With using QR code, there is no need to quirky setup Wifi nodes in the shop. The merchant will issue "payment request" QR code, you mobile phone (offline) will scan it and launch your offline wallet. You will perhaps login with PIN to your wallet and confirm the payment. The mobile phone will prepare QR code with offline transaction and you will show it up against merchants tablet with camera. The merchants software will decode the transaction and quickly verify on the network that it is not a double spend, send the transaction alive and again check for doublespends. After few seconds, the transaction is complete and you can left the shop with the goods.

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realnowhereman
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April 25, 2012, 03:32:53 PM
 #10

With using QR code, there is no need to quirky setup Wifi nodes in the shop.

You've used QR-Camera as the communication channel; I was suggesting WiFi as that channel.  Doesn't change the central idea though -- the shopkeeper proxies for the customer; so I'm fine either way.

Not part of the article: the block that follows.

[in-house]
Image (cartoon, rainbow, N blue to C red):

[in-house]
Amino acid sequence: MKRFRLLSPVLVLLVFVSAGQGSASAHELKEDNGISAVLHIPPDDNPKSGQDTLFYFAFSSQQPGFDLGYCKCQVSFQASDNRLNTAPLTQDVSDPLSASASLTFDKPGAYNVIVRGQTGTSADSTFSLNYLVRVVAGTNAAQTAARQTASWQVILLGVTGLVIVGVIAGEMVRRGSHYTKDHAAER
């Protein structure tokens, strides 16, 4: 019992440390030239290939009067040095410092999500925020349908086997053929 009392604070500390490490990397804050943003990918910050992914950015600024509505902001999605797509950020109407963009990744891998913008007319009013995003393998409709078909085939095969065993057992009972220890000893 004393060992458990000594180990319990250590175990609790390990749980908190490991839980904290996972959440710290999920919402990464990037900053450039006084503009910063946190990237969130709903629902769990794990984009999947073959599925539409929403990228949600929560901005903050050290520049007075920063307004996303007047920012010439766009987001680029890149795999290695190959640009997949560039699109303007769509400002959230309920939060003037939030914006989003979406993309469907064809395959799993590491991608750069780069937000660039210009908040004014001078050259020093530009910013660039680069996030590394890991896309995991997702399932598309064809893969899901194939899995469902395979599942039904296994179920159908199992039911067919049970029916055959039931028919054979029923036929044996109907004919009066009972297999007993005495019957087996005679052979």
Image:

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Hawkix
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April 25, 2012, 04:47:04 PM
 #11

Yes, but with QR-Camera transfer media I feel a lot more safe than with some WiFi, at least for transferring the payment address and amount. Imagine phishing attacks made by faking the merchant's WiFi hotspot and announcing your own payment address instead of that of merchant.

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realnowhereman
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April 25, 2012, 11:00:25 PM
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Yes, but with QR-Camera transfer media I feel a lot more safe than with some WiFi, at least for transferring the payment address and amount. Imagine phishing attacks made by faking the merchant's WiFi hotspot and announcing your own payment address instead of that of merchant.

Ah... got what you mean now.  I was still assuming that the merchant issued the payment request via QR code on screen.  The app would then ping for any bitcoin node that's listening to forward the transaction.  The idea being that we're never going to be able to persuade customers that a payment requires them to scan the merchant and then the merchant to scan them.